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they will be looked at. and that's all. >> at some point, you have to this is not much of an action document. it is a place mat. president olaguecommissioner moo be mediators here. anybody else out there, they are an incredibly generous person. if there is any discussion he need have, use the next few weeks in order to have that discussion. this has been around for a long time. if there is anything urgent in your mind, why didn't you, earlier? there were some very powerful
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comments being made, and i have to ask you if you take responsibility to talk and get your last bit in so that you're comfortable they were being heard. >> i have some comments to make. i can write them down. just to give you a sense of where they're at, i think some of the comments of mr. brooks are very important. i have always been perplexed by issues that are supposedly green issues and how they intersect or don't with transit oriented development as it relates to parking or transportation, if it is through the housing element or someplace else, i think that conversation needs to happen. i did not see language here that relates to shelters. until we come up with something
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that really is going to house homeless people, we will continue to have people that are facing struggles and economic challenges. i think there needs to be some examination unhook of what the shelter use means. especially now that we have laws in place that are so draconian, it might lead to where people that don't have a place to stay go. there is the issue of keeping shelters open, operational costs. keeping shelters open during the day, that kind of thing so that people have a place to go. that is kind of a complicated issue, and i will defer those types of questions to the coalition on homelessness and folks like that.
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i notice that there is a lot of language in here that relates to families who are working families. they generally earn less per capita, but require larger housing units. i think it is a question that needs to be looked at a little bit more. what is the income level of some of these families? is there any language that insurers -- not ensures, but keeping htem i - them in san francisco. some families in the '90s, it might be considered the development pressures for lack of a better word. those types of things, they were renters that had to leave the
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city. sometimes condominium conversions, those types of issues that came up. demolitions, speculation. it pushed a lot of families that i was familiar with out of the city. it wasn't about parking. it was about affordability and access to affordable family housing, but some of that. i know is kind of disturbing, and there is no language for this, really. every year, there seems to be a lower number of african- americans that live in san francisco. i don't know what we do about that, really. i am curious to know what some of the issues that are forcing the population out or why they are choosing not to be here. it is a complicated issue.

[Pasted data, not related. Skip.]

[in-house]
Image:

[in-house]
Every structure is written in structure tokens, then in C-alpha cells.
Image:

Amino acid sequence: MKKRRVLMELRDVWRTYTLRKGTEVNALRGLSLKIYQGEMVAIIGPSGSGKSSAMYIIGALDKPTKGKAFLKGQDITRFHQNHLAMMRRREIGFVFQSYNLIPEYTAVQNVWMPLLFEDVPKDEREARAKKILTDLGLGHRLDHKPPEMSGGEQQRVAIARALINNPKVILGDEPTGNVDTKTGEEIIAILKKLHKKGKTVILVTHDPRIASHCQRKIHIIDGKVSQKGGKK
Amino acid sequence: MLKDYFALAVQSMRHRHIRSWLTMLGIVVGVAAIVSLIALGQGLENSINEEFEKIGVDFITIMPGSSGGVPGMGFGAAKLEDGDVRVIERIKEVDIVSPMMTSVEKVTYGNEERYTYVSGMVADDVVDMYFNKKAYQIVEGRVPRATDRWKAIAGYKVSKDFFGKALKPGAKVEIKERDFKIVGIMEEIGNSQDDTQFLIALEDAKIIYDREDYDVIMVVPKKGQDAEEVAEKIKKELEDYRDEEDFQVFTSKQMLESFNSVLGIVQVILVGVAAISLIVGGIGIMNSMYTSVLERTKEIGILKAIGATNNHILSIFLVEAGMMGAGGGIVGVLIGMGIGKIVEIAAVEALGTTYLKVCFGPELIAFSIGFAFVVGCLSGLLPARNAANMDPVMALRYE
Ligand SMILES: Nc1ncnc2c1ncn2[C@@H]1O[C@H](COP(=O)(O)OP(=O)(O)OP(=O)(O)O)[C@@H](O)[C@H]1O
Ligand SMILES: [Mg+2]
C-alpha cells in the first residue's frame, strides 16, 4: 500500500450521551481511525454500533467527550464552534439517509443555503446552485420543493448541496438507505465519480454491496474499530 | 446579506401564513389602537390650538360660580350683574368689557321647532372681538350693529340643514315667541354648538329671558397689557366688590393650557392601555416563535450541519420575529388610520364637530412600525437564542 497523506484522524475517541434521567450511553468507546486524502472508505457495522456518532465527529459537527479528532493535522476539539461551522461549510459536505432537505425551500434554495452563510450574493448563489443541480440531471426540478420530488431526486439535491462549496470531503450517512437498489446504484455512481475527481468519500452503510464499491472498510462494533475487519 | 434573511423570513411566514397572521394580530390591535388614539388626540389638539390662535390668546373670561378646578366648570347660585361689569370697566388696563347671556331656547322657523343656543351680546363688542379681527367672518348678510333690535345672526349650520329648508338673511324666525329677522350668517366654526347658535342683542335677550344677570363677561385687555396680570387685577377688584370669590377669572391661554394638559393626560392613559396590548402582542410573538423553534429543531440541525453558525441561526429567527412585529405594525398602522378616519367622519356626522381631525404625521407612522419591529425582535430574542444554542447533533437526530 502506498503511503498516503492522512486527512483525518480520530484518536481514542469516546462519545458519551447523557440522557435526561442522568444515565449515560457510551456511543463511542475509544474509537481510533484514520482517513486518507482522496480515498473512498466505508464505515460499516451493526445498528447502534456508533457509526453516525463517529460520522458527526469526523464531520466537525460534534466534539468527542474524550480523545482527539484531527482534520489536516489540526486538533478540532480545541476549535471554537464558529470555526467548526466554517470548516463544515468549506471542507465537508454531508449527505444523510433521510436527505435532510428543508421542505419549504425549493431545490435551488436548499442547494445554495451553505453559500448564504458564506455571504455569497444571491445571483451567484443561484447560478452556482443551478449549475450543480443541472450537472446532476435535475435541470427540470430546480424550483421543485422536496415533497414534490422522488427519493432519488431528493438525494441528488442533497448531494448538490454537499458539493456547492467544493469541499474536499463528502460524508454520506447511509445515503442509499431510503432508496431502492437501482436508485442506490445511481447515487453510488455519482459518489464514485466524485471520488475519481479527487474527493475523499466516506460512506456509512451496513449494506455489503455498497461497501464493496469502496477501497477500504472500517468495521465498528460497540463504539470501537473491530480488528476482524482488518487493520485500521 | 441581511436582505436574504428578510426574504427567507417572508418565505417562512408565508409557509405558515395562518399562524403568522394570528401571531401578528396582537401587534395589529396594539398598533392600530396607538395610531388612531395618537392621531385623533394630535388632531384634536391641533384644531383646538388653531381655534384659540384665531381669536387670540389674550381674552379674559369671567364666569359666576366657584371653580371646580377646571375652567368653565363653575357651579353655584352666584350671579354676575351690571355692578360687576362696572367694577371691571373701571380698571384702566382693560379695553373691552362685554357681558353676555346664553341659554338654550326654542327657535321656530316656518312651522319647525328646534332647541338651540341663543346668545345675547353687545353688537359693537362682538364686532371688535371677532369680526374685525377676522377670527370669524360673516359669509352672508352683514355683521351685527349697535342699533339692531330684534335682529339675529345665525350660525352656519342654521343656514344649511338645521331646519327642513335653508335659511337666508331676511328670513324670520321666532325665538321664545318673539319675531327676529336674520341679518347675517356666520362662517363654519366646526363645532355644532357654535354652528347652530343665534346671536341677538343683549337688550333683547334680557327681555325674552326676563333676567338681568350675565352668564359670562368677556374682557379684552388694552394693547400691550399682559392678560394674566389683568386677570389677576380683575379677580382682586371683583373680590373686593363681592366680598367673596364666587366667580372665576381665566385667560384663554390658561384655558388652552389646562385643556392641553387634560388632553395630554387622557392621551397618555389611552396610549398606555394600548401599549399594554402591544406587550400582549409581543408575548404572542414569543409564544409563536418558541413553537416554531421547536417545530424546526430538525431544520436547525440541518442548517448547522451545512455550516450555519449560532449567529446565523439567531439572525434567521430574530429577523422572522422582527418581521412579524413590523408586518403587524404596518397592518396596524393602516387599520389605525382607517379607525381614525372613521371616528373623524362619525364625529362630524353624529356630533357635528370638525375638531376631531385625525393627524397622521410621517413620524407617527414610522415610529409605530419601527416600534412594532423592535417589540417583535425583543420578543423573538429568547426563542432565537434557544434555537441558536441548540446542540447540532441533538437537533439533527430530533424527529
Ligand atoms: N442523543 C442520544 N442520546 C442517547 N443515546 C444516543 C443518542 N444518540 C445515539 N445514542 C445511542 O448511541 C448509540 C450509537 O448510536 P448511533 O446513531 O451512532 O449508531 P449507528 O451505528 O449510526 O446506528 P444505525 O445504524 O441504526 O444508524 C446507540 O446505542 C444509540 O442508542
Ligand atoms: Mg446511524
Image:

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>> we have done a certain amount of work on this. i am sure we can get you a copy. it is a very interesting thing. it is very upsetting. it is very complicated. it is disproportionately middle- class african-americans. we will give you a copy. commissioner moore: i read -- president olague: i realize that. ultimately, we start to look at some of these projects as they relate to the needs that have been established. and the reports would be good for us to keep track of. i don't know if that has to do with the housing element in directly. there are a few other things
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like seniors. i know the population is going to go, according to the housing element draft, 60 years and older will be 30% by 2013. i am wondering what are the demographics. where do they live, what are the needs going to beat in the next few years? i have been looking at aging, and it is interesting to note that there will be an aging population in san francisco. i remember reading somewhere that it would be a higher percentage of aging population compared to some of the other major cities in california. i think there is certain preparation and mindful is that we need to have when it comes to looking at that issue or we will not be prepared for that.
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there is some language in here that addresses that. but i will look at that a little bit more closely. that is kind of the gist of what i was thinking about. i think other folks raised the issue on density. there might be a few more comments that i might add to it. commissioner moore: i only have one question. you mentioned that the basis of your study relies on the previous and not the current census. are you going to a least find a way of comparing trends one with the other? there are many very basic assumptions.
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there is a huge shakeup in all areas of the population part -- partially based on the economy. are you very quickly analyzing anything that is very different? >> as you know, the long form of the census was eliminated. they have been using the survey that was more of an estimate and the data is not really the best where we have been getting bits and pieces of it. at this point, we are figuring out what the data is. there are 10 questions that were